22.214.171.124 IASA recommends the use of .wav or preferably BWF .wav files [EBU tech 3285]. The difference between the two is that the BWF contains a set of headers which can be used to organise and manage metadata. Though BWF metadata is adequate for many purposes, in some sophisticated systems and exchange situations a more comprehensive package is required, and in these circumstances Metadata Encoding and Transmission Standard (METS) is often used. The METS schema is a standard for encoding descriptive, administrative, and structural metadata regarding objects within a digital library, expressed using XML (eXtensible Markup Language). A METS package, which consists of metadata and content, is often used as an exchange standard between digital archives.
126.96.36.199 Material eXchange Format (MXF) is a container format for professional digital video and audio media defined by a set of SMPTE standards. MXF has been mostly taken up by the video archiving community, though it is capable of managing audio. Like METS, it is primarily a set of metadata which “wraps” the content, in this case, audio. Both these are very useful formats in the exchange and management of content and information between archives and repositories.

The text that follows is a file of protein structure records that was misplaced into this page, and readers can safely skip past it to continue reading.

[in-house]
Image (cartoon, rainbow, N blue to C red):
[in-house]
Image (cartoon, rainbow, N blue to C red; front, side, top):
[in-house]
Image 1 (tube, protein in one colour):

188.8.131.52 The format of the SIP will depend on the system and the size and sophistication of the enterprise. It is quite possible to establish a viable archive using .wav files and manually entering most of the necessary metadata into the system by hand, and acquiring the necessary technical metadata at the ingest stage. This however, would only be appropriate for the smallest of collections. Large collections with remote and separate digitisation processes and large quantities of material must build sophisticated ingest and data exchange systems to ensure the content is adequately ingested into the data storage systems. Production and verification software generates much of this data as standardised XML-files that may be used for preservation purposes. The National Library of New Zealand Metadata Extractor tool, for example, is a Java-based tool that extracts preservation metadata from digital objects and outputs that metadata in a standard format (XML).